Positive Leaps partners with professionals involved with the children we treat to ensure that not only the families but also teachers and healthcare providers are all on the “same page” regarding the child’s treatment program.
Healthcare and teaching professionals refer children in behavioral crisis to Positive Leaps because we use researched-based behaviorally focused interventions to foster improved, effective behaviors. The treatment goals are to eliminate or significantly reduce the types of problem behaviors in children ages 18 months to 8 years old that are impacting the ability to communicate well and interact in home and learning environments as well as among peers and in the community.
Referrals can be made by calling 513-777-2428, and referred families have the opportunity to request a same-day appointment.
Information for Referring Teaching Professionals
In cases where a child has been dismissed from an Early Childhood Learning Center or grade school due to behavior issues such as harmful aggression toward others and others’ property, Positive Leaps generally can help a child return to the school environment in 10-12 weeks.
- Positive Leaps Day Treatment Program focuses upon skill building, using practices that are based upon scientific studies demonstrated to be successful with similar children. Specifically, Positive Leaps uses behaviorally specific praise, reward, modeling, problem-solving, and contingencies to help shape positive behavior.
- Early and intensive intervention for children with significant behavioral problems is important, because without intervention, children’s behavior problems remain fairly stable over time, or escalate, increasing the chance that as older children they will require alternative educational placement, specialized educational services, or drop out of school altogether. (Koertering & Braziel, 1999; Olsen & Horza, 1993; Snyder, 2001; Raver & Knitzer, 2002)
Information for Healthcare Professionals
Up to 75% of children referred to Positive Leaps have a pre-existing mental health diagnosis. Common diagnoses with which Positive Leaps’ programs can help include:
- Oppositional Defiant Disorder (ODD)
- Disruptive Behavior Disorder – NOS
- Attention Deficit Hyperactivity Disorder (ADHD)
Additionally, there may be a family history of substance use, and many children have been treated by a psychiatrist or therapist before being referred to Positive Leaps.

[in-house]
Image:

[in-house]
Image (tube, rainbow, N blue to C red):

Research-based protocols are important to good clinical outcome. Our Family Therapy, Individual Therapy, and Behavioral Intervention Processes are implemented with rigorous fidelity to researched models. Our unrivaled success is attributable to intensive intervention over sustained periods with adherence to researched protocols, provided by highly trained staff within a facility specifically designed for young children and families with an emphasis upon parent participation.
Our programs are based on the nationally recognized Psycho-Educational Treatment Model (PEM) and Applied Behavioral Analysis for Behavioral Medicine. These models enhance the relationship of coordinated care between the medical, psychological and social course of treatment among the professionals involved.
Our therapists are always taking additional training to better assist the children and families referred to Positive Leaps. Our staff currently maintains the following current courses and professional designations:
- Trauma Focused Cognitive Behavior Therapy
- Dialectical Behavioral Therapy for Youth
- Trauma Focused Integrative Play Therapy
- Play Therapy
- Treatment for Bullying (for victim and perpetrator)
- Child Parent Relationship Training
- Parent Child Interaction Therapy
- Art Therapy Techniques for Anxiety and Trauma
- Group Therapy Techniques for Young Children and Youth
To refer a child to Positive Leaps, call 513-777-2428. We provide referred families the opportunity for same-day appointments.
Additional Information Resources for Professionals
Burke, R; Kuhn, B; Peterson, J; Peterson, R; Badura Brack, A. (2010). “Don’t Kick Me Out!”: Day Treatment for Two Preschool Children With Severe Behavior Problems. Clinical Case Studies 9;28.
Burke, R; Kuhn, B; Peterson, J. (2004). Brief Report: A “storybook” ending to children’s bedtime problems: The use of a social story to reduce bedtime resistance and frequent night-waking. Journal of Pediatric Psychology 29(5), 389-396.
Gilliam, W. (2005). Pre-kindergarteners left behind: Expulsion rates in state prekindergarten systems. New Haven, CT: Yale University Child Study Center.
Gilliam, W. & Shahar, G. (2006). Preschool and child care expulsion and suspension: Rates and predictors in one state. Infants and Young Children, 19, 228-245